by Herman Hell
The World Cup is going through a crisis. The International Sailing Federation ISAF had created the series by three years ago to draw athletes and the media to all of the most important events throughout the year.
Paige Railey in action at Kieler Woche 2011
In 2011, the success curve of the concept seems to be on the decline. In this pre-Olympic year, Kiel is the final stage of the World Cup series, and ISAF World President Göran Petersson will be here to honour the winners live on stage and in the focus of public attention. However, only a mere handful of the 30 crews who are currently placed among the top three in the World Cup ranking are at the starting line in Kiel.
The Kieler Woche organizers are much annoyed, especially so with the women’s match racing: 'We had 22 entries, so we arranged to have as many as eight boats, and now, there are just eleven crews,' says Jobst Richter. He thinks that the tight ISAF calender is main cause for the apparent lack of interest: 'Having the World Cup events in Medemblik, Weymouth and Kiel in close succession with the European Championships in Helsinki in July on top is just too much.' Despite the fact that the EHEC virus raging in Germany may be responsible for keeping a few athletes away, the more important reason seems to be that many sailors are strictly focussing on the trials for the 2012 Olympics and therefore see no reason to show up in Kiel. 'By now, a number of countries are already through with their Olympic trials, so athletes are taking a break to back in the race at the Europeans,' reports Star class sailor Alexander Schlonski (Rostock). His rival Joannes Polgar (Hamburg) has no understanding for the ISAF politics:. 'Athletes and regatta organizers are in the same boat, but we seem to be coming up against a brick wall with them.' Dirk Ramhorst, Kieler Woche representative at the ISAF, also shares this feeling of not really being heard by the International Sailing Federation.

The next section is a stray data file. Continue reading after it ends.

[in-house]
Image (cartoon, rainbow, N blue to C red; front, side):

It seems unlikely that the relationship between ISAF and Kieler Woche will turn into a closer bond. Next year, Kiel will again stage the World Cup final, which with regard to the Olympics shortly afterwards is bound to create a similarly weak interest. Whether another World Cup event will follow seems questionable. From 2013, the ISAF plans to spread the World Cup stages across all continents, and the time window for the European event is April/May. 'We will not bend our backs for the World Cup, even though ISAF seems to think we could find a new date for Kieler Woche. We will still bid for hosting a World Cup stage, however, as we know that the best athletes are in this circuit,' says Richter.
Kieler Woche website